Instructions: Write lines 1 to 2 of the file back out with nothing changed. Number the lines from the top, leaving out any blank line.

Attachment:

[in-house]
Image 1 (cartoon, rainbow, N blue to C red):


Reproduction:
[in-house]
Image 1 (cartoon, rainbow, N blue to C red):